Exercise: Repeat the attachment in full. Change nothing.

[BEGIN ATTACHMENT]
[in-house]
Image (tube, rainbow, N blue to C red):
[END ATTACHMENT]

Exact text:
[in-house]
Image (tube, rainbow, N blue to C red):